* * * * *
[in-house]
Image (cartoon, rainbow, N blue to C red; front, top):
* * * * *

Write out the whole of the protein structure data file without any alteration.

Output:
[in-house]
Image (cartoon, rainbow, N blue to C red; front, top):